Caroline O’Donoghue on writing about counter-cultural movements in All Our Hidden Gifts

"[E]very single societal structure in my life says that things have to be THIS way, but what if that's a lie? What if it doesn't have to be? What if I can change things? Create new definitions, new practices, new gods?"

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We chatted with author of All Our Hidden Gifts and The Gifts That Bind Us, Caroline O’Donoghue, on why it is important to include and highlight marginalized communities in her fantasy novels.

Maeve Chambers doesn’t have much going for her. Not only does she feel like the sole idiot in a family of geniuses, she managed to drive away her best friend Lily a year ago. But when she finds a pack of dusty old tarot cards at school, and begins to give scarily accurate readings to the girls in her class, she realizes she’s found her gift at last. Things are looking up – until she discovers a strange card in the deck that definitely shouldn’t be there. And two days after she convinces her ex-best friend to have a reading, Lily disappears.


The beginning when Maeve got persuaded by Fiona to set up a secret tarot consultancy reminds me so much of the Netflix show Sex Education when Otis was encouraged to set up a sex ed clinic. If you were a school principal, which clinic would you be more weirded out to find at your school?

On the face of it, I think you’d be more alarmed by the sex ed clinic. But when you really think about it, Maeve’s tarot consultancy sparks a series of events that leads to mass destruction, a missing girl and the deaths of at least a couple of people, so maybe on balance the sex ed clinic is a better idea.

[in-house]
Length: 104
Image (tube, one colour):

The tarot consultancy is set in a cupboard that is named the Chokey, which I’m sure Matilda fans such as myself all love! What’s the inspiration behind naming it after Trunchball’s torture chamber?

I remember the Chokey being such a uniquely frightening concept, in both the book of Matilda and the film. I wanted something that would instantly relate that it was a terrible punishment to spend all day there. Fun fact, my school had a big scary cupboard and I once had to clean it out as a punishment, too. I didn’t find any cards in there, though.

The characters all have their own secret power. Which character’s power do you wish you have?

Roe’s, definitely. I’m so jealous that Roe takes to driving so quickly, when I’ve had twelve lessons and still can’t remember how mirrors work.

In All Our Hidden Gifts, Maeve found an unsettling card she was not familiar with – the Housekeeper card. The traditional tarot already has all its set rules, names and definitions. How did you come up with the name “Housekeeper” and what the card would look like?

The Housekeeper has been in my mind a long time. I used to be in a band, and my friend Harry and I wrote a song called “The Housekeeper Card”, the lyrics for which are in the book. I was learning a lot about the tarot at the time, and the phrase ‘housekeeper card’ popped into my head. Harry and I came up with an idea of a revenge demon, and the song became a big favourite among our very tiny fan base.

When I developed The Housekeeper for Gifts, I loved the classic idea of a housekeeper: someone who keeps the books for a grand house, who marks the ledgers to make sure the house is budgeted for correctly. I like to think that the Housekeeper does that, but for protecting the vulnerable. She wants things to be fair, and equal.